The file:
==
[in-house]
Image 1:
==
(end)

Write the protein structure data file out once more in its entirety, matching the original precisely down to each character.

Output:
[in-house]
Image 1: